Sepp Blatter was hastily re-elected as FIFA President in the midst of the firestorm of corruption and bribery scandals hitting major figures within the organization. In the days that followed his re-election, Blatter decided it best to step down from his position, and that set in motion a new and “extraordinary” congress to be set within a six-month timeframe from December to April.
On Monday we got word of when those new elections would actually be held, as the FIFA congress met for an “extraordinary” congress to deal with reform and elections. The new FIFA president will be elected on Feb. 26, 2016 and about the only thing left to do is figure out who is running to head an organization badly in need of change.
One of the names we know won’t be on that list is Sepp Blatter himself, even though rumors of him “un-resigning” circulated earlier in the summer. He confirmed in two statements at today’s FIFA press conference that he will not be seeking election again.
Blatter confirms at least twice that he will not run in election, so put that to bed.
— Andrew Das (@AndrewDasNYT) July 20, 2015
Rumors have also indicated that names like UEFA president Michel Platini, former Portugal star and presidential candidate Luis Figo, Prince Ali of Jordan (runner up to Blatter this last election) and Alfredo Hawit, the new head of CONCACAF, could all be in the mix come February.
Of course, those names were almost all associated with the last election and Blatter was able to fend all foes off. Even the start of a massive corruption case against many of the executives around Blatter wasn’t enough to unseat the man.
Before leaving his post about nine months after his resignation speech in early June, Blatter appears set to work on legislation to “reform” FIFA as well. However, many are calling for him to step aside and let an interim group run the organization in his absence.
Given the reforms that are so badly needed, Blatter’s presence around any legislation is likely to taint any reforms made in the eyes of the public. The organization badly needs reforms that the public can get behind and Blatter’s continued leadership and association won’t help either aspect.
Prince Ali, who ran against Blatter and nearly won back in May has stood strong in calling for Blatter to step down immediately. That continued on the heels of this FIFA congress.
“President Blatter’s resignation cannot be dragged out any longer. He must leave now,” he said, via the BBC.
“An interim independent leadership must be appointed to administer the process of the elections, in addition to the reforms that are being discussed prior to the elections.”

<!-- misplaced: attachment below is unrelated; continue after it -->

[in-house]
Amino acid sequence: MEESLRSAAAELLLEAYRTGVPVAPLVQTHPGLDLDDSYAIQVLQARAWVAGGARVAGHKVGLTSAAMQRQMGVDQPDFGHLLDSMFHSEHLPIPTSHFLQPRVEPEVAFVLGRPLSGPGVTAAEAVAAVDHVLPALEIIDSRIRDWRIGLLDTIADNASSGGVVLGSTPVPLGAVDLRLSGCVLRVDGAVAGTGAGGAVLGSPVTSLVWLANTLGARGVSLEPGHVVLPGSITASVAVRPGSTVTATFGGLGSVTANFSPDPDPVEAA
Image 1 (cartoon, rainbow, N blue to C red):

That was never more evident than after FIFA’s announcement of planned reforms on Monday. After announcing reforms like enhanced centralized integrity checks for Executive Committee members, the introduction of term limits, higher standards of governance at all levels of football structures including confederations and member associations, as well as individual disclosure of compensation, Blatter continued to poor cold water on the reform ideas with his words and defiance.
One of the most badly needed of the reforms is the integrity checks for Executive Committee members and term limits. Yet, Blatter stood for a fifth term as President himself just a few months ago and his words on Monday suggested something no one wanted to hear about integrity checks — that being the need for a “neutral” organization and then saying it would be done internally by FIFA ethics committee.
Blatter on integrity checks: 'It must be done by a neutral organization. In this case it will be done by FIFA's ethics committee.' Neutral?
— Andrew Das (@AndrewDasNYT) July 20, 2015
Neutral and internal group are not exactly congruent terms, but Blatter’s hypocrisy and the ongoing need for him to step down immediately became even more apparent as the press conference went on.
Also among the reform legislation to be voted on in the next official FIFA congress is the disclosure of compensation. Given the support Blatter gave to these ideas on Monday, one would think Blatter would be all for full disclosure for himself. That’s not exactly what went on though, instead he went on the defense and refused to disclose his salary when asked.
While the reform proposals sound good on the surface, the devil could be in the details and as long as Blatter still controls the purse strings and the organization can reform really have any teeth to it? Given the defiance and details put out on Monday, trusting this group to get it right is a bridge too far still.
Get Blatter out of the process and show more transparency and actual neutrality in this process and reform can be much more believable to the public.